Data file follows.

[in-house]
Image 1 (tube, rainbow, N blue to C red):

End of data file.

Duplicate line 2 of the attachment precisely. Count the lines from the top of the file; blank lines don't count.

Image 1 (tube, rainbow, N blue to C red):